requirement that religious organisations must have 500 adult citizen
members before the can apply for registration, a provision introduced in
1996 which left all but the Sunni Muslims and Russian Orthodox stripped of
their registration. The religion law, revised only in October 2003 to
increase control over religious groups, was again revised this month to
reflect the simpler registration requirements. The new amendments,
published on 24 March in the government press in Turkmen and in Russian and
available on the government website
(), requires that
“religious groups” must have between five and fifty adult citizen members
to register, while “religious organisations” must have at least fifty. In
theory at least, this removes the obstacle to registering non-Sunni Muslim
and non-Orthodox communities.

Akhmedova of the Adalat Ministry told Forum 18 on 29 March that various
communities have come to her office to seek information on how to register.
“They come constantly to seek information,” she declared. She said she had
given communities a model statute that they could adapt for use. She added
that no community has yet lodged a registration application under the new

Among the Protestant churches preparing to lodge an application is Greater
Grace church in Ashgabad, as its pastor Vladimir Tolmachev reported. “We
are collecting signatures and we expect to lodge the application within the
next week,” he told Forum 18 on 29 March. Describing the current situation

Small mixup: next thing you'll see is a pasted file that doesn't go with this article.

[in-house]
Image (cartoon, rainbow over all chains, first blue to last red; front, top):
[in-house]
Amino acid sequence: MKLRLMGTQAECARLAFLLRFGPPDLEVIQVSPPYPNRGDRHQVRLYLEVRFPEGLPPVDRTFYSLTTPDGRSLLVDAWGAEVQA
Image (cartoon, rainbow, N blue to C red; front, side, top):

as “strange”, Tolmachev was optimistic that his church would get
registration, having read the text of the amendments to the religion law.

Aleksandr Yukharin, vice-president of the New Apostolic Church in Russia,
who maintains links with its community in Ashgabad, said his church is
pleased that it now has the opportunity to register. “We have been trying
to do so for a long time,” he told Forum 18 from Moscow on 30 March. “We
were warned last year not to meet, so we had to halt all our religious
activity. All over the world we abide by the laws of the state, which is
why our Ashgabad community stopped its activity.” He stressed that his
Church wants to resume its activity, but would do so only once it has
registration and can do so legally. “We do not conduct religious activity

Despite the denial of the possibility of registering new Muslim
communities, the Russian Orthodox Church is planning to try to register new
parishes to add to its current 12 registered communities. “Registration is